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Move Over Rails. Here Comes Merb. : Page 2

Merb is potentially much faster than Rails, and the combination of Merb and Ruby can provide the performance most web apps require. Find out how Merb can deliver a 2-4X speed increase over Rails and why that makes it better for certain applications.


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Your First Merb Web Application: Filtered Ruby News
The demo Merb app you will develop is for Ruby feeds, but you can repurpose it to use feeds for any topic that interests you. You will start by creating a data model for storing RSS feeds. When you installed the Merb gem (which also installed the "default Merb stack"), it placed several command-line utilities on your PATH. You use one of these utilities (merb-gen) to generate your Merb application (see Listing 1).

By default, merb-gen app generates an application using the DataMapper object relational mapper (ORM) framework, which is similar to ActiveRecord. I am a huge fan of ActiveRecord, but DataMapper has a more abstract interface for backend data sources (databases, RSS/Atom, flat file, etc.) and it's thread safe (more on DataMapper later).

Normally, the first thing that you need to do after generating a new Merb application is to edit the config/init.rb file. In this case, you will use the defaults set by the application generator as is, but going through the generated file (see Listing 2) is still worthwhile. I have added comments to explain what is in this file (you will not see my comments when you run the application generator and edit the conf/init.rb file).



You need only two model classes, FeedSource and Feed, and I initially generated a model for this application with a string attribute for a blog post URL:

merb-gen resource feed_source url:string merb-gen resource feed url:string

Later, you will refactor this application to keep instances of the Feed class in memory. I eventually made the following manual edits to the FeedSource class to add the additional class attribute feed_type:

class FeedSource include DataMapper::Resource property :id, Serial property :url, String property :feed_type, String # 'rss' or 'atom' end

I also made these manual edits to the Feed class to add the additional attributes title and posted_date:

class Feed include DataMapper::Resource property :id, Serial property :url, String property :title, String property :posted_date, Date end

By default, Merb defines a user model class for you when you generate a new resource. After editing the model file(s), in development mode you can wipe out any existing database and recreate the development database using:

rake db:automigrate

Running this rake task created the two sqlite3 database tables for the FeedSource and Feed model classes.

While working on this application, I kept editing the app/models/feed.rb file. Here is the app/models/feed.rb file for the first version of the demo web application (remember to run rake db:automigrate after you change the model files during development):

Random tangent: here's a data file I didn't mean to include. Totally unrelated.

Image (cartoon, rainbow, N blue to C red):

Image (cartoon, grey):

class Feed include DataMapper::Resource property :id, Serial property :url, String property :title, String property :content, String property :feed_name, String property :posted_date, Date end

The feed_sources table contains seed RSS feed URLs for spidering. I used the following commands to add a row to this table for development and testing:

mark$ sqlite3 dev.db sqlite> insert into feed_sources ('url', 'feed_type') values ('http://markwatson.com/blog/atom.xml', 'atom');

You are going to start Merb in the interactive (irb like) mode:

$mark merb -i irb(main):001:0> FeedSource.find_by_sql("select * from feed_sources").collect {|f| f.url} ~ select * from feed_sources => ["http://markwatson.com/blog/atom.xml"] irb(main):002:0> FeedSource.all ~ SELECT "id", "url" FROM "feed_sources" ORDER BY "id" => [#] irb(main):003:0> FeedSource.all.collect {|f| f.url} ~ SELECT "id", "url" FROM "feed_sources" ORDER BY "id" => ["http://markwatson.com/blog/atom.xml"] irb(main):004:0>

Note that DataMapper is printing the generated SQL.

Removing Unused Code from the Application
Usually when you use merg-gen resource ..., you will use the generated model file, the controller, and the view files. However, this demo application is a single-page web site that does not need an admin interface, so there is quite a lot of clean up that you can do. Figure 2 shows the application with the unused files, and Figure 3 shows the application after I removed these files.


Figure 2. The Application with the Unused Files: There is quite a lot of clean up that you can do on the demo application.
 
Figure 3. The Application After I Removed the Unused Files: You will notice the demo application has many fewer unused files than new Merb applications that you generate.

Because Merb is itself a small and modular code base, I am motivated to clean up all the unused bits of any application built on Merb. When you download the demo web application for this article, you will notice it has many fewer unused files than new Merb applications that you generate.

The next section walks through the initial implementation of a prototype for the demo application.



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